The Creators of Valetudo – A Journey of Hacking and Privacy Protection

Sören Beye (also known as Hypfer) and Dennis Giese are the creators behind Valetudo. Giese, a Northeastern University PhD student, began his hacking journey in 2017 and successfully rooted a Xiaomi robot. He went on to develop a cloud replacement system named Dustcloud, which he presented at DefCon and CCC. Subsequently, Dummycloud, a more streamlined implementation, was derived from these ideas and would later influence the development of Valetudo. (Valetudo takes its name from Hygieia, the Greek goddess associated with cleanliness, health, and hygiene.)

The Creators of Valetudo - A Journey of Hacking and Privacy Protection
The Creators of Valetudo – A Journey of Hacking and Privacy Protection

The Creators of Valetudo

Beye had watched Giese’s Def Con presentation and, a year later, began hacking a Roborock S5 purchased from Aliexpress. Over time, Beye uploaded the initial Valetudo prototype to GitHub and shared it on Roboter-Forum, a German forum focused on cleaning and mowing robots. Gradually, their efforts converged, with Beye primarily focusing on Valetudo’s development, while Giese took charge of crafting the image, rooting tools, and discovering evolving exploits. Subsequently, Giese introduced DustBuilder, simplifying the firmware building and device rooting processes.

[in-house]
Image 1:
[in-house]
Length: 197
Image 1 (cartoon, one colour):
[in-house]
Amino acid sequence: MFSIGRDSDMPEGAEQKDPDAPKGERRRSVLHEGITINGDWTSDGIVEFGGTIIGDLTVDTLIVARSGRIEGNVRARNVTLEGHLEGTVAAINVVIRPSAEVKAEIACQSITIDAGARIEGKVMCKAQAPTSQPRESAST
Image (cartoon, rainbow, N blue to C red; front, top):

To decrypt firmware for new models and from different manufacturers, it’s essential to obtain keys from actual devices. While some individuals generously donate robots, and Beye and Giese accept contributions to sustain the project, a significant portion of the expenses comes directly from their own pockets. Giese acknowledges that he has likely invested around $30-$40,000 in robot vacuums. He mentioned, “Financial donations vary. Occasionally, I gather funds to purchase a robot. However, it’s evident that it’s still a considerable financial commitment.

Using Valetudo instead of the vacuum’s default system offers several benefits, with a major one being that your robot remains disconnected from the cloud. This is particularly crucial if you’re concerned about the possibility of your vacuum capturing images, which could potentially be shared by gig workers on platforms like Facebook. Giese explained, “Most robots store images in some way, and some even upload this data. It’s not your devices; it’s the manufacturers who have complete control over both the data and the device.

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